Thursday, June 20, 2024

Fortinet report highlights targeted cyberattacks, evolving tactics

Cybersecurity company Fortinet has released its latest global threat landscape report on cyberattacks and evolving tactics deployed by cybercriminals.

During a press briefing in the Philippines, Alan Reyes, country manager of Fortinet Philippines, shared insights, including  a decline in ransomware detections in the country during the first half of 2023.

This shift suggests a move toward more precise and targeted cyberattacks, aligning with the evolving tactics of cybercriminals, he said.

The report also highlighted increased activity among advanced persistent threat (APT) groups, with around 30% of tracked cyberthreat groups remaining active in the first half of 2023.

APT groups such as Turla and StrongPity displayed heightened activity based on malware detections, the report said.

In the realm of exploits, the report said there was an increase in unique exploit detections, marking a 68% rise from five years ago.

This surge highlights the growing diversity and volume of malicious attacks, reflecting the evolving nature of cyber threats, Fortinent said.

The report also said the number of malware families and variants surged by 135% and 175%, respectively, over the last five years.

This escalation can be attributed to the expanding operations and diversification of cybercriminal and APT groups.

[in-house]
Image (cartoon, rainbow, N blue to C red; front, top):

Botnets, a persistent concern for organizations, are now observed to linger in networks for an average of 83 days — a significant increase from five years ago.

Collaborative defense remains a focal point in the report. It underscores the importance of collective efforts within the cybersecurity community to effectively counter the ever-evolving threats.

Reyes meanwhile said Fortinet is actively developing AI-powered security services to bolster threat prevention, detection, and response. The focus is on providing practical solutions to real-world challenges.

In the Asia-Pacific (APAC) region, Excel and MSIL malware variants emerge as predominant threats due to their adaptability.

Excel malware is often distributed via phishing emails containing malicious macros, while MSIL’s high modifiability adds to its threat potential.

In the Philippines, the report noted the detection of 4.3 million instances of viruses. The most prominent contributor was the JS/Agent,Cy!tr virus, accounting for 3.5% of the detected viruses.  

It was closely followed by HTML/Agent.ROUT!phish, which accounted for 3.2% of the detected viruses. Botnet threats were also significant in the Philippines, particularly from Mirai, Gh0st.rai,Bladabindi, Mozi and RotaJakiro.

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